Last week I sat in on the very interesting webinar “Microsoft Saves $10M in TCO by Implementing New CRM System” from their Meet The Experts series. In this webinar Connor Marsden (US Director of Microsoft Dynamics CRM), Charles Lasco (Solution Manager, MSFT IT) and Tameem Mohammed (Developer Lead for Sales Organization, MSFT IT) talked about the project of moving Microsoft off Siebel and migrating to Microsoft Dynamics CRM.
This was no small task since Microsoft was one of the top five installations of Siebel worldwide. They used Siebel to manage over 10,000 sellers, over 30,000 managed partners, in 100 countries, and over 120,000 managed customers. Microsoft had a very diverse network of audiences, sales and marketing data streams. They had thousands of opportunities and leads to manage that were generated through an extensive marketing function.
One of the interesting things they talked about during the webinar was that there was both a user perspective and a business perspective to be considered in this Microsoft Dynamics CRM from Siebel to CRM migration. They explained that you need to show clear value and you have to have an agreement on what that value will be throughout the business. So the first step they took in the project was to work not only with IT but also with the business stake holders and product groups at Microsoft to define the project’s success factors and measures.
The first success factor they decided upon was value realization from a productivity standpoint. “How much time could we give back to the seller on a weekly basis?” explained Charles Lasco. “User satisfaction became another measure because the reality is that unless you have a very stringent organization control, you can't really force people to enter data into a system like this. Or, if you do force them, you are going to get the bare minimum. Satisfaction is the key.”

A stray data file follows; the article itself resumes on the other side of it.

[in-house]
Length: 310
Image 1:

The third success factor was predictive deployment plans that can be established and executed. “Time to deployment, like how many users by when,” explained Charles Lasco. Setting these three goals made it easier to ensure everyone was on the same page.
Another very interesting thing they talked about during the webinar is that they changed the way Microsoft IT worked on these types of projects. “Historically IT has been very tech focused,” explains Charles Lasco. “We build the technology, we deploy it, and we make sure it gets delivered. That is how we kind of looked at things.” With this project they took a different approach and they actually brought in some different talent from different parts of the organization that they didn’t traditionally have involved.
They focused on four key areas. “We had user centric design, which meant we really focused on what our users are going to find valuable in this tool,” explains Charles Lasco. They also looked at change management. “Change management as it relates to both the organization and individuals are key.” They also paid particular attention to design for data quality because these types of systems really have a tendency toward propagating bad data. “We focused on how we can clean the garage before we moved and get rid of the garbage which we didn’t need and then put road blocks in place to stop more garbage from coming into our system so it doesn’t become garbage in, garbage out and a storehouse for bad data.”
Finally they looked at a phased execution plan. “What we didn’t do was go into a dark room for three years and come out with a system at the end. That is the inclination of a lot of IT shops including Microsoft to do something like that, to come out with a big bag approach. We focused on small bits at a time and short delivery cycles so we can prove that what we were doing worked, make quick adjustments, and then deliver the next phase,” explained Charles Lasco. At Microsoft the biggest win area for them was opportunity management, so they started their with a couple beta groups and then they tackled contact management through a phased approach.
If you are interested in listening to the whole recorded webcast, please visit:
I don’t want to imply that we, The TM Group, helped Microsoft with this huge migration, but I thought anyone planning to do a CRM implementation could benefit from the interesting approach and lessons learned from this huge migration. If you would like to learn more about how The TM Group can help your business implement Microsoft Dynamics CRM, please visit
by The TM Group Inc.